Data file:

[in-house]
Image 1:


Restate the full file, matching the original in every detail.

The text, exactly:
[in-house]
Image 1: